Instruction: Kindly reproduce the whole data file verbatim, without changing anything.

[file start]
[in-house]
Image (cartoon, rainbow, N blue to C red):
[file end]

[in-house]
Image (cartoon, rainbow, N blue to C red):